Thursday, April 9, 2015

Latest Loves: Nars Reformulated Blush Formula, New Order & Miss Liberty


It’s been two years, or so, since I’ve last written.   The absence has been due to work, and upheaval of lifestyle, due to choices I've made.  I still love makeup, or at least some of it.

For the past year, I've been enjoying the new NARS blush formula, which they've been slowly reformulating.   They don't cause tiny bumps on my cheeks, which are either clogged pores, or bumps that arise from sensitivities.  Some people can slap anything on their faces and come out unscathed.  With repeated wear, most blushes cause bumps on my cheeks.  I get major bumps from Kevyn Aucoin powder blushes, Hourglass blushes, Dior blushes, etc. The bumps from NARS blushes were minor, but now they're non-existent.    NARS blushes have always struck a happy medium on me--not too soft and silicone/oily-feeling, not too heavy or airy.  

I can’t stop loving two NARS blushes, which I reach for when I want to wear blush.   The first is New Order, and the other is Miss Liberty, two colors which I actually wear higher on the cheek area.  My standard blush application is under or along the cheek bone, in a muted, medium-depth shade.  These days it’s called contouring.

Both New Order and Miss Liberty are glittery, but a lot of the glitter is easy to tap off the brush.  They don’t give my face an unnatural sheen, and add a dash of  light, sheer, brightening color.  I don’t wear foundation, rarely wear eye makeup when I wear blush, so the blushes just match my style.   I have no idea how these blushes would look on a fully made up face. I appreciate that New Order appears lilac.  It isn't a dolly, lavender-pink.  The blushes color my light, neutral-olive skin tone (with some yellow and red I've been told).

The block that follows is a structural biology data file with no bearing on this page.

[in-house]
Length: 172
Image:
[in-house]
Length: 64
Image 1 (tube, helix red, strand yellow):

Saturday, March 29, 2014

The Fake Clean


“The quality of skincare products just keeps getting worse, and the prices just keep getting higher.”   

The woman who spoke was more than twice my age, with many more years of product consumerism behind her.  I usually take such denouncements with a grain of salt, but personal experiences are valid, and she got me thinking about the state of foaming cleansers today.

In an effort to cut down on cleansing costs this past year, I used many tubes and bottles of foaming cleansers from Asian and U.S. pharmacies.  Most of them didn't clean well.   I also ventured into higher-end foams, besides my usual favorites, and paid for overpriced, low-quality bubbles.

If one were to go by breadth of advertisements alone, people want cleansers that don’t dry them out.  I'm not sure that's the truth, but for those of us who  produce oil, are active, and don’t double cleanse with makeup remover, the options are bad and few.

(Maybe people are slathering on drying treatments which have nothing to do with their cleanser?)

Even with the best of foaming cleansers, I always wash my face twice.  It’s when I have to reach for the tube a third or fourth time that I feel the product is a dud--and there were an incredible number of dudsFrom a foaming cleanser by Lancome, to that nasty, reformulated Estee Lauder Perfectly Clean stuff, to Purpose cleanser, to Pond's foam, to Sofina Beaute's, to Hada Labo’s, I hated them all.  I could fill a page up with names, but won’t bother.

Here in NYC, most  "deep" cleansing foams contain salycylic acid, which is also a problem.  My mother used to warn against all acids, but she needn't have worried, since I can only use salycylic acid sparingly on zits.

There are cleansers with hyaluronic acid that I also avoid; cleansers for "sensitive" skin that are weak; and fruits in my cleanser  I could care less about.  Moreover, there are foams that take too long to rinse off,  and instant ones that are too diluted.